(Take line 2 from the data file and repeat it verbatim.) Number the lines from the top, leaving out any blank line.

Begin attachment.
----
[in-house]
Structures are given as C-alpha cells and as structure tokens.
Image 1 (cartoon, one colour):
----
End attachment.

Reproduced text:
Structures are given as C-alpha cells and as structure tokens.